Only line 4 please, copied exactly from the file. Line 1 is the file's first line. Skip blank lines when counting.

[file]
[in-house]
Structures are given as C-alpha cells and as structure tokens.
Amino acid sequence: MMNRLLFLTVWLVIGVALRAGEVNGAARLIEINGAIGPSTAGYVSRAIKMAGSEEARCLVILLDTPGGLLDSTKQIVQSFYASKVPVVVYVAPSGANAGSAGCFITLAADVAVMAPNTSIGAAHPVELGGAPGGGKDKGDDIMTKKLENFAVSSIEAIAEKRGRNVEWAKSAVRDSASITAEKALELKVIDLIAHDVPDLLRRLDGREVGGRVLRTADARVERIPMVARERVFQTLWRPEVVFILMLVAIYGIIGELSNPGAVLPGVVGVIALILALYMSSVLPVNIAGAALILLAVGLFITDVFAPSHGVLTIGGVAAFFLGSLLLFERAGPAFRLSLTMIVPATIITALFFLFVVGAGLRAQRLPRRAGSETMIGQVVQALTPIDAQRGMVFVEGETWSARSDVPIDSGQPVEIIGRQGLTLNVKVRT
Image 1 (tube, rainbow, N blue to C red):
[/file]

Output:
Image 1 (tube, rainbow, N blue to C red):